Permeability Properties of Plastics and Elastomers

Permeability Properties of Plastics and Elastomers

3rd Edition - September 8, 2011

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  • Author: Laurence W. McKeen
  • Hardcover ISBN: 9781437734690
  • eBook ISBN: 9781437734706

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Permeability properties are essential data for the selection of materials and design of products across a broad range of market sectors from food packaging to Automotive applications to Medical Devices. This unique handbook brings together a wealth of permeability data in a form that enables quick like-for-like comparisons between materials. The data is supported by a full explanation of its interpretation, and an introduction to the engineering aspects of permeability in polymers. The third edition includes expanded explanatory text which makes the book accessible to novices as well as experienced engineers, written by industry insider and author Larry McKeen (DuPont), and 20% new data and major new explanatory text sections to aid in the interpretation and application of the data.

Key Features

  • A unique collection of permeability data designed to enable quick like-for-like comparisons between different materials
  • Third edition includes 20% new data and expanded explanatory text, which makes the book accessible to novices as well as experienced engineers
  • Essential reference for materials engineers, design engineers and applications engineers across sectors including packaging, automotive and medical devices


Plastics Engineers, Product Design Engineers, Materials Engineers, Application Engineers in Packaging (films), Automotive, Medical Device, Pharmaceutical, Food, Cosmetics etc. industries. Polymer and Coatings Chemists, users of film packaging products and containers, coatings manufacturers and users, users of polymer membranes and films for other applications (such as solar panels, fuel cells), designers of automotive components that are exposed to fuels, oils, fluids and other liquids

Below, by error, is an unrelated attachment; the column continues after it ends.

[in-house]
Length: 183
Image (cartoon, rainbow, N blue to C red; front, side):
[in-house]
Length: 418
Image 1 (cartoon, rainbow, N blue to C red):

Table of Contents

  • Dedication

    Series Page


    1. Introduction to Permeation of Plastics and Elastomers

    1.1. History

    1.2. Transport of Gases and Vapors through Solid Materials

    1.3. Multiple-Layered Films

    1.4. Permeation of Coatings

    1.5. Permeation and Vapor Transmission Testing

    1.6. Summary

    2. Introduction to Plastics and Polymers

    2.1. Polymerization

    2.2. Copolymers

    2.3. Linear, Branched, and Cross-Linked Polymers

    2.4. Polarity

    2.5. Unsaturation

    2.6. Steric Hindrance

    2.7. Isomers

    2.8. Inter- and Intramolecular Attractions in Polymers

    2.9. General Classifications

    2.10. Plastic Compositions

    2.11. Summary

    3. Production of Films, Containers, and Membranes

    3.1. Extrusion

    3.2. Blown Film

    3.3. Calendering

    3.4. Casting Film Lines

    3.5. Post Film Formation Processing

    3.6. Web Coating

    3.7. Lamination

    3.8. Orientation

    3.9. Membrane Production

    3.10. Molding of Containers

    3.11. Fluorination

    3.12. Coatings

    3.13. Summary

    4. Markets and Applications for Films, Containers, and Membranes

    4.1. Barrier Films in Packaging

    4.2. Containers

    4.3. Automotive Fuel Tanks and Hoses

    4.4. Coatings

    4.5. Gloves

    4.6. Membranes

    5. Styrenic Plastics

    5.1. Acrylonitrile–Butadiene–Styrene Copolymer

    5.2. Acrylonitrile–Styrene–Acrylate

    5.3. Polystyrene

    5.4. Styrene–Acrylonitrile Copolymer

    6. Polyesters

    6.1. Liquid Crystalline Polymers

    6.2. Polybutylene Terephthalate (PBT)

    6.3. Polycarbonate (PC)

    6.4. Polycyclohexylene-dimethylene Terephthalate

    6.5. Polyethylene Naphthalate

    6.6. Polyethylene Terephthalate (PET)

    7. Polyimides

    7.1. Polyamide–Imide

    7.2. Polyetherimide